Customer Support: AI for Natural Language
AI in retail is emerging as a powerful force, but customer support is also harnessing the technology for competitive advantage. Bots and digital assistants are transforming the way support functions take place. These technologies increasingly rely on natural language processing to identify problems and engage in automated conversations. AI algorithms determine how to direct the conversation or route the call to the right human agent, who has the required information on hand. This helps shorten calls and it produces higher customer satisfaction rates. A Forrester study found that 73 percent of customers said that valuing their time is the most important thing a company can do to provide them with good online customer service.
Manufacturing: AI Powers Smart Robots
Robotics has already changed the face of manufacturing. However, robots are becoming far more intelligent and autonomous, thanks to AI. What is machine learning used for in factories? Many companies are building so-called “smart manufacturing” facilities that use AI to optimize labor, speed production and improve product quality. Companies are also turning to predictive analytics to understand when a piece of equipment is likely to require maintenance, repair or replacement.
For example, Siemens is now equipping gas turbine systems with more than 500 sensors that continuously monitor devices and machines. All this data is helping create the manufacturing facility of the future, sometimes referred to as Industry 4.0. Smart manufacturing–which merges the industrial IoT and AI–is projected to grow from $200 billion in 2018 to $320 billion by 2020, according to a study conducted by market research firm TrendForce.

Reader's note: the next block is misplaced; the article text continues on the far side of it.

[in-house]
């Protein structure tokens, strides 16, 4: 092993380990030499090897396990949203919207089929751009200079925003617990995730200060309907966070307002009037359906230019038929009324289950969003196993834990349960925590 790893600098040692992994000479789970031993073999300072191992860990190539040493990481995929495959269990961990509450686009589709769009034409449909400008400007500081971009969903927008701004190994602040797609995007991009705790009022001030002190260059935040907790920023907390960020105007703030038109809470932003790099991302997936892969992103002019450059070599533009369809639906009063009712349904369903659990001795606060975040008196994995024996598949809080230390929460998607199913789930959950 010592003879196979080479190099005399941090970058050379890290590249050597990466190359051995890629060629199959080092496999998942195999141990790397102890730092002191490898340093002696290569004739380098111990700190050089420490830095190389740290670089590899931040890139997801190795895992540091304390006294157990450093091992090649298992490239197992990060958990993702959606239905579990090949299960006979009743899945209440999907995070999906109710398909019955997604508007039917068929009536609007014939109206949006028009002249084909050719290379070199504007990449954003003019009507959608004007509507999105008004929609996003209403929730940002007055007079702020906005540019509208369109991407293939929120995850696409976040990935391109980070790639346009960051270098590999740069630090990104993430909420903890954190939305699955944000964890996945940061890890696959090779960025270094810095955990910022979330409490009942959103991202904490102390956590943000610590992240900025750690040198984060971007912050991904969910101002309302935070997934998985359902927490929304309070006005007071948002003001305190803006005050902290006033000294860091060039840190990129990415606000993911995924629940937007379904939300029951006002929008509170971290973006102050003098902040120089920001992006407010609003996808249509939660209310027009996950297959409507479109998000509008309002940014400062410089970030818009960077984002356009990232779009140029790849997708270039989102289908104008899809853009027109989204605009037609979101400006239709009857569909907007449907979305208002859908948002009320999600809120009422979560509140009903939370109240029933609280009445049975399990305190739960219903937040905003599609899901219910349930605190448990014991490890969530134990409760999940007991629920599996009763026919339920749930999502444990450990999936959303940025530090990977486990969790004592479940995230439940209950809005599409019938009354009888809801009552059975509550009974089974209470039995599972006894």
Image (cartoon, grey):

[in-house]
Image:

Supply Chains: AI for Management
AI use cases in operations and supply chain management are growing. Organizations are turning to algorithms to improve fleet management, warehouse administration, logistics processes, freight brokering and numerous other tasks. This includes emerging areas such as drone deliveries and automated vehicles. The IoT, which places sensors on raw materials, components and products, is also reshaping business by collecting massive amounts of data, which can be fed into analytics engines that AI to make decisions.
Meanwhile, businesses are finding other AI uses cases. They are turning to image recognition, voice recognition, gesture interfaces and other tools along with AI to simplify input and automation. McKinsey & Company found that AI improves forecasting accuracy by 10 percent to 20 percent. This typically translates into a 5 percent reduction in costs.
Information Technology Management: AI Helps Routing
AI is redefining the way companies consume and manage a wide variety of IT resources. AI can detect traffic patterns as well as how computers, servers and other systems are being used at any given moment and adjust bandwidth dynamically, often through the use of cloud technology. AI use cases also include: preventative maintenance; identifying systems that are not patched or that are out of compliance; data and document classification; optimizing network performance, managing storage, including how data is archived.